While every operation has unique elements, certain principles underlie the creation of value in every process. Unlike some continuous improvement programs, which create cookie-cutter solutions by applying a standardized tool set to any problem, SAI’s Chaos to Clarity methodology focuses on these underlying principles.
- Value. Only the customer can specify the value of a product. This sounds elementary, but, in fact, studies indicate the vast majority of activity (85-90% depending on the sector) in any industry is non-value-added when measured solely by the customer’s criteria of value.
- Value Stream. Any business process is a sequential series of actions that add value to an input to transform it into an output of greater worth to the customer. Value Stream Analysis is a structured approach to separating value-added from non-value-added activities in the process. Waste is often hidden, and hard to detect amid the quick tempo of daily operations. Through Value Stream Analysis, we help you and your employees learn to see clearly the value you produce and to separate it from the non-value-added activities that waste resources.
- Flow. The product moves through the process in a flow that may be streamlined or turbulent. Earlier strategies of mass production tried to optimize each process step by working large batches of units at a time. History has shown, however, that the most efficient workflow is “single piece flow,” where each unit is passed to the next step just as capacity becomes available to work it.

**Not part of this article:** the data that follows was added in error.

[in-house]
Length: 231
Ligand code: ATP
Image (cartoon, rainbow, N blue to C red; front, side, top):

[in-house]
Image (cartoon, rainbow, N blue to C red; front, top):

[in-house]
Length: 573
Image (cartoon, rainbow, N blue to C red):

- Pull. Traditionally, processes were designed to push items down the line and out the door as fast as possible. This can result in over-production, which amplifies the waste inherent in the process and causes the extra cost and liability associated with excess inventory. A Pull system takes its cue from customer needs and, using single piece flow, pulls the product through the production process to satisfy customer demand.
- Perfection. By consolidating the four principles above under the motto “never pass along a defect,” an organization can approach the ideal state of perfection, producing zero defects and 100% customer satisfaction.